The Annals of the Civil War Written by Leading Participants North and South (ed. Alexander Kelly McClure), The campaign of Gettysburg. (search)
en more brilliant or more important to the army and the country in their results. On the evening of the 16th of June, the cavalry corps encamped near Manassas, the Army of the Potomac occupying positions between that point and Fairfax Court-House. After consultation with General Hooker it was decided that I should proceed by the way of Aldie, through the Bull Run mountains, into Loudon Valley, to ascertain if Lee's army or any portion of it were in that vicinity. I started early on the 17th, made a long march of twenty-five miles, and about five o'clock in the afternoon, shortly after we had entered the pass, met the enemy's cavalry coming through. After a hard fight for several hours, we drove them back to the west side of the mountains. On the 18th and 19th, we were again engaged, and forced them beyond Middleburg, about nine miles from Aldie, and on the 21st, advancing with Buford on the road to Union, and Gregg on the Upperville road, we swept the Loudon Valley to the base
The Annals of the Civil War Written by Leading Participants North and South (ed. Alexander Kelly McClure), Confederate negro enlistments. (search)
for volunteering — in fact, there was no volunteering about it. They were to be sent to fight the Yankees as they had been sent to work on the defenses. On the 15th, the subject of enlistments came up in the Virginia Legislature, which, on the 17th, adopted resolutions recommending the enlistment policy. It was not, however, until the 27th that this Legislature voted to instruct its Senators to vote for the measure in the Confederate Congress. The subject was ardently discussed in secret sctory, Twenty-first street, between Main and Carey streets. But this call was only made on the 10th of March, and Richmond was evacuated on April 2d, while Lee's surrender took place on the 9th. The Confederate Congress adjourned sine die on the 17th, and the last issue of the Richmond Sentinel, my authority in these matters, is dated April 1st, when Sheridan had already forced Lee's lines. Mr. Lincoln, apparently, did not think much of the impressment and enlisting of slaves. He said, in a
The Annals of the Civil War Written by Leading Participants North and South (ed. Alexander Kelly McClure), The War's Carnival of fraud. (search)
naval supplies, were crowded out of competition by these dishonest middlemen, and a general demoralization of public officials prevailed. My experience in the War Department made me wary about beginning a campaign against such a rich and formidable ring of contractors as I immediately discovered to exist, without full assurance of the support of the department. This came in the shape of the following letter: Navy Department, Washington, February 18th, 1864. Sir:--Your letter of the 17th instant is received. Unless otherwise directed, from information which you shall obtain, you can pursue the course deemed most advisable from your experience. The department has no political object in these inquiries. The Secretary has directed me to carry forward this matter in conjunction with yourself, and I have never been in political life. You may rest assured, and such information may be given to witnesses, that the guilty will be exposed and punished without regard to influence or pos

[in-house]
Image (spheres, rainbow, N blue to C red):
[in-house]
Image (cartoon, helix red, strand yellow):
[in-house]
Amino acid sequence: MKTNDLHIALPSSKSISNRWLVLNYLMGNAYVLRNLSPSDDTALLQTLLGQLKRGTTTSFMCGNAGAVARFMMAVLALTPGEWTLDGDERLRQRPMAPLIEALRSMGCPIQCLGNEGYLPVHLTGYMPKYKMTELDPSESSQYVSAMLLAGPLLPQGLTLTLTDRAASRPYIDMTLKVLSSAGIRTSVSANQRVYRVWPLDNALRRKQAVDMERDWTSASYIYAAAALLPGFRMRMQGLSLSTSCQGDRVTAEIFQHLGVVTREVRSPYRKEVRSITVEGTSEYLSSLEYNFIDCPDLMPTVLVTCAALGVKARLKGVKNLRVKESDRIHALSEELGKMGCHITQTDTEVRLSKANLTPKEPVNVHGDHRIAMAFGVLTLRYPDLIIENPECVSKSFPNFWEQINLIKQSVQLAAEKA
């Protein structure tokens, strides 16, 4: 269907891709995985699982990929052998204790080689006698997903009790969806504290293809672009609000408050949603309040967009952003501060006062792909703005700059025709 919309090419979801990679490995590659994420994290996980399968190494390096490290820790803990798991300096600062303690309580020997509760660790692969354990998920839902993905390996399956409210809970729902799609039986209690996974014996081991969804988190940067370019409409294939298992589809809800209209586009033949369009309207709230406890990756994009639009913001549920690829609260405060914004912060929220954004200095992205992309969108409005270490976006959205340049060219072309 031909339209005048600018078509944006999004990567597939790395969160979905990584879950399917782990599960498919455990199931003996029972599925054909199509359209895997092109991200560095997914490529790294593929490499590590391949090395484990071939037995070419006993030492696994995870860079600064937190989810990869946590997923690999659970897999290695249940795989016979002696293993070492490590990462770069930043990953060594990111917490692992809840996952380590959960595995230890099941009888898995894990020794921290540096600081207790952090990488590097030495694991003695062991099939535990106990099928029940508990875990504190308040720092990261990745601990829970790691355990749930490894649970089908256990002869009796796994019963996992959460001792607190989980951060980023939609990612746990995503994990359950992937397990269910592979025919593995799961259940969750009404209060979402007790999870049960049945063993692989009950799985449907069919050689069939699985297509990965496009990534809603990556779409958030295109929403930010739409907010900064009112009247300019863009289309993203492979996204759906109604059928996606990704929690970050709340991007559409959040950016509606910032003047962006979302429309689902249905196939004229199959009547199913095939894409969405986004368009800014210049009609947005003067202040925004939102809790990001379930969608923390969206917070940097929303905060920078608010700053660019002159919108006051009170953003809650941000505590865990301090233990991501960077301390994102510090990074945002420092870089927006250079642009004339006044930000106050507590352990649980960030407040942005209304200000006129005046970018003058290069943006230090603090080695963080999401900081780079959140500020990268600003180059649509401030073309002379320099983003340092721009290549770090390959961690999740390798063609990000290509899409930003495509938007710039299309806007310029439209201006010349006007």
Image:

The Annals of the Civil War Written by Leading Participants North and South (ed. Alexander Kelly McClure), Stonewall Jackson's Valley campaign. (search)
ght attack upon Banks. His proposition was not approved, and he learned then for the first time that the troops were already six miles from Winchester and ten from the enemy. The plan was now evidently impracticable, and he withdrew from the town, which was occupied by the Federals on the next day (March 12th). The Confederates continued to retreat slowly to Woodstock, Mount Jackson (forty miles in rear of Winchester), and Shields' Division was thrown forward in pursuit to Strasburg on the 17th. The retirement of Jackson, and the unopposed occupation of the Lower Valley by Banks, relieved General McClellan of all fears in that direction, and induced him, in pursuance of President Lincoln's requirement that Manassas Junction and the approaches to Washington from that direction be securely held, to send the following instructions to Banks, on March 16th: Sir :--You will post your command in the vicinity of Manassas, intrench yourself strongly and throw cavalry pickets out to t
The Annals of the Civil War Written by Leading Participants North and South (ed. Alexander Kelly McClure), Morgan's Indiana and Ohio Railroad. (search)
egan, on the morning of July 17th, the most exciting part of this exciting expedition. The rebels knew we were neck and neck with them. They knew Hobson was pursuing them in the rear with the eagerness of a bloodhound. They knew their only chance of escape lay in reaching the fords some time in advance of both pursuers. They had the advantage of distance on Judah-the road they traveled being several miles shorter than his, which followed the bends of the river. From the morning of the 17th, on to the final encounter, we were constantly within reach of and feeling Morgan's right flank and rear. John O'Neil, since of Fenian and Canadian border fame, then a lieutenant in the Fifth Indiana Cavalry, was intrusted with the task of harassing the raiders, and keeping the Federal commander informed of all the enemy's movements. O'Neil was an ideal Irish dragoon, impetuous, brave, prudent. He did some as effective scouting and skirmishing with his command of fifty picked men along the